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United States v. Eason

United States Court of Appeals, Eighth Circuit

July 14, 2016

United States of America Plaintiff- Appellee
Marcus Lamont Eason Defendant-Appellant

          Submitted: December 15, 2015

         Appeal from United States District Court for the Eastern District of Arkansas - Little Rock

          Before MURPHY, BENTON, and KELLY, Circuit Judges.

          KELLY, Circuit Judge.

         After a jury trial, Marcus Lamont Eason was convicted of being a felon in possession of a firearm, in violation of 18 U.S.C. §§ 922(g)(1) and 924(e)(1) (Count 1), and of being a felon in possession of ammunition, in violation of 18 U.S.C. §§ 922(g)(1), 924(e)(1), and 3147(1) (Count 2). Eason appeals, challenging the district court's exclusion of evidence he attempted to introduce at trial, the sufficiency of the evidence for his conviction on Count 2, and the application of the Armed Career Criminal Act (ACCA) at sentencing. We have jurisdiction pursuant to 28 U.S.C. § 1291, and affirm in part and reverse in part.

         I. Background

         On June 16, 2012, in North Little Rock, Arkansas, Eason was involved in a domestic incident with his then-girlfriend, Sheila Noble. Noble's mother reported the disturbance to the police, and then called again to report that Eason was "shooting up" behind her house. Radio dispatch gave officers a description of the person suspected of firing the shots, and relayed that the suspect's name was Marcus Eason. Police Sergeant Terry Kuykendall heard the dispatch and soon spotted Eason walking and carrying a black t-shirt in his left hand. According to Kuykendall, it looked like Eason had something concealed in the shirt. Kuykendall stated he had no difficulty identifying Eason from 50–60 yards away. While making a U-turn, Kuykendall saw Eason drop an item to the ground.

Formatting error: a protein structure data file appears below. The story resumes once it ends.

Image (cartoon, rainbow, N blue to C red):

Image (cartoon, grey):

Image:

Kuykendall stopped Eason, patted him down, and waited for backup. After backup arrived, Kuykendall searched the area where he believed Eason had thrown something and found a .45-caliber pistol lying on the ground in the path where Eason had been walking. Later, Kuykendall also found two .45-caliber shell casings in the area of the reported shooting, which he deemed to be from a gun like the one he had recovered. Eason was indicted on one count of possession of a firearm as a felon, was arraigned in federal court, and on December 18, 2012, was released on conditions to the supervision of the United States Probation Office pending trial.

         On April 9, 2013, while on pretrial release, Eason was involved in an incident at the residence of Hiawatha Williams, also in North Little Rock. At that time, Eason was engaged to Williams's daughter, Erica Davis, and he and Davis had a dispute. When Williams saw that Eason had a firearm, he ran next door and borrowed a .380 pistol. Williams returned to his home and fired a warning shot, which hit the ceiling immediately above him on the front porch. According to Williams, Eason then left the residence. As Williams returned to his bedroom, he heard a shot fired. Although he did not see the shooter, Williams believed it was Eason. Later, during the investigation, Detective Gibbons of the North Little Rock Police found a 9-millimeter bullet in Williams's bedroom closet and a spent shell casing nearby. A superseding indictment was filed, adding Count 2: possession of ammunition as a felon. On April 16, 2013, Eason was ordered to be detained pending trial.